Posted in cats, dogs, pet health

‘Diet Another Day’

Last week I wrote about fighting weight problems in our pets. The diet part is calculable – your vet can explain how many calories your pet will need per day in order to reduce weight. Factoring in your pet’s age and health, caloric intake will need to be adjusted for a realistic reduction over time. If there are any restrictions, like diabetes and heart ailments, it can influence what choices you have for a pet’s diet.

This means a big change in feeding your pet. If you are used to leaving food out for your pet to self-regulate his or her feeding, you may have to dig out a measuring cup. Metering the portions you feed your pet will take time to get used to. That’s why a chart to follow is helpful. You’ll be able to look at your pet’s progress over time, even it seems like no progress is being made some days.

Expect some complaining. It will take longer to get food ready if you’re going to take control of portions by measuring them. Measure a few meals out ahead of time, if you can store food in containers in the cupboard (this is for dry food, mind you). You’ll be able to put a meal in front of your pet pronto if you have them pre-measured.

Expect some begging. You may have to steel yourself against those puppy dog eyes looking up at you beside the dining room table. Stop thinking of your pet as a roaming garbage disposal!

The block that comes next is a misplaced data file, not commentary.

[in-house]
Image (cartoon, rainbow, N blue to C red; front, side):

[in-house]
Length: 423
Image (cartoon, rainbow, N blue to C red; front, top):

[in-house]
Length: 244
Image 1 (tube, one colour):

And if you’re eating something yummy that has an aroma your pet adores, make the dining room off limits during meals.

The hardest part? Exercise. Dogs can walk, fetch sticks, catch Frisbees. Cats can… well, chase bugs? Groom themselves? How about chasing laser pointer dots, or catching a feather-tipped wand? You can put your thinking cap on and figure out how to get the cats actively playing again.

All this toil will be worth it in improved good health. Don’t give up. Changing habits takes time: figure at least 21 days to establish a new routine.

And if you manage to get the diet plan up and running into autumn, you’ll be ready to resist the temptations of holiday feasts once December rolls in.

Then you can look at your pet’s body, stretched out and snoozing peacefully, and be glad for another season as your dog or cat’s best friend.

Say goodbye to those lazy, hazy days of summer and “get napping.”Say goodbye to those lazy, hazy days of summer and "get napping."


a little off-center, but full of good intentions